where indicates the average Nusselt number under the grid size of L/400, which is adopted as an exact solution because the analytical solution does not exist. It was observed that the two models have the second-order accuracy in space. Based on such grid sensitivity studies, the grid sizes were selected as L/100, L/150, L/200, and L/250 for Ra = 103, 104, 105, and 106, respectively. Table 2 presents the final results for Ra = 103, 104, 105, and 106. In terms of accuracy, all results showed good agreement between the two models and the reference calculation [40] within 1%.

To check the applicability of the present IBM to complex, fixed boundary, we considered the natural convection of fluid in a square cavity with an eccentric circular cylinder. In a square cavity with a width of L, a circular cylinder with a diameter of D = 0.4L is eccentrically located in the cavity by 0.1L upward from the center, as shown in Fig. 3. Hot and cold temperatures were imposed on the circular cylinder boundary and vertical side walls of the cavity boundary, respectively, and adiabatic conditions are imposed on the horizontal top and bottom walls. This problem has been simulated by various numerical methods under Ra = 106 and Pr = 10 [8,10,41,42]. In the present simulation, the direct-forcing IBMs based on Model 1 and Model 2 were adopted for the boundary conditions on the circular cylinder wall. For the square cavity boundary conditions, the non-equilibrium bounce-back scheme was used as in Section 3.1. The characteristic velocity of 0.2 was adopted. Figs. 4 and 5 present the isotherms and the streamlines form the IBM based on Model 1 and Model 2 under the grid size of L/ 200. Due to the buoyancy force, the heated flows around the hot cylinder move upward and the flows cooled by the cold walls move downward along the cold side walls, thus forming the two

Table 2 Comparison of velocities and Nusselt numbers. Ra = 103

Ra = 104

Ra = 105

Ra = 106

umax

Model 1 Model 2 Reference

3.645 3.646 3.649

16.161 16.165 16.178

34.679 34.680 34.73

64.553 64.596 64.63

ymax

Model 1 Model 2 Reference

0.810 0.810 0.813

0.820 0.820 0.823

0.855 0.855 0.855

0.848 0.848 0.850

vmax

Model 1 Model 2 Reference

3.694 3.695 3.697

19.604 19.614 19.617

68.527 68.545 68.59

219.670 219.593 219.36

xmax

Model 1 Model 2 Reference

0.180 0.180 0.178

0.120 0.120 0.119

0.065 0.065 0.066

0.036 0.036 0.0379

Nuavg

Model 1 Model 2 Reference

1.118 1.118 1.118

2.243 2.243 2.243

4.514 4.514 4.519

8.798 8.794 8.800

CPU time (s)

Model 1 Model 2

396 263

2539 1733

16,182 11,096

47,741 27,151

Fig. 3. Geometry and boundary conditions of the natural convection in a square cavity with an eccentric cylinder.

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S.K. Kang, Y.A. Hassan / Computers & Fluids 49 (2011) 36–45

Fig. 4. Isotherms obtained from the IBM based on (a) Model 1 and (b) Model 2.

Fig. 5. Streamlines obtained from the IBM based on (a) Model 1 and (b) Model 2.

symmetric free circulations. The isotherms and streamlines show very good agreement with those from Ref. [8]. To quantitatively validate the present method, we compared the local Nusselt numbers along one of the cold side walls with different grid sizes of L/100 and L/200 with those from other numerical methods [41,42] as shown in Fig. 6. It was observed that the results from the IBM based on both models – even under the grid size of L/100 – showed good agreement with those under high resolution although there were some discrepancies near the top wall, which are removed under the grid size of L/200. In terms of numerical efficiency, the IBM based on Model 1 spent 50% more time than the IBM based on Model 2. 3.3. Cold particle sedimentation As mentioned in the Introduction, one of great advantages of the IBM is that it can be easily applied to the moving-boundary problem without re-meshing. To validate the applicability of the present IBM to the heat transfer problem involving moving, complex boundaries, we considered a cold-particle sedimentation in a hot, infinite channel. This problem is challenging because it involves complicated mechanisms between the forced and natural thermal convections and strong wall confinement effect [42]. Firstly, Gan et al. [43] used the Arbitrary Lagrangian–Eulerian (ALE) method to simulate this problem where the particle had been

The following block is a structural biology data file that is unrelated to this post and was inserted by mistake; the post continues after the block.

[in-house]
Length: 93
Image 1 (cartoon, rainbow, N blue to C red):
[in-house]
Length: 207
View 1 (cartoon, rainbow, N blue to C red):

initially released at the centerline. They suggested the five flow regimes according to different Grashof numbers based on the particle equilibrium positions and the wake structures. Subsequently, Yu et al. [42] used the fictitious domain method to simulate the problem. However, they initially located the particle off the centerline by one particle radius, because the trajectories in some regimes where the particle migrates away from the centerline are not deterministic since the migrations depend on the random numerical disturbances. They also found the different regimes from Gan et al.’s at high Grashof numbers over Gr > 4000. Especially at Gr = 4500, it was observed that flows become turbulent-like and the particle oscillates violently but still regularly. They attributed the difference to the use of fine meshes only for the region in the vicinity of the particle boundary, resulting in a lack of description of far field in the ALE method. This modified Grashof regime at high Grashof numbers was confirmed by the IBM based on the NSE [10]. In the present simulation, we followed the conditions in [42] so that the direct comparison is possible. As shown in Fig. 7, a circular cylinder with a diameter of D was initially located off the centerline by D/2. The Prandtl number was 0.7 and the density ratio of the solid particle to the fluid (qr) was 1.00232. The cylinder had the constant cold temperature and the side walls had the constant hot temperature. Fluid is initially at rest with the hot temperature. The characteristic velocity as adopted in previous sections is no longer valid in this problem because the flow involves forced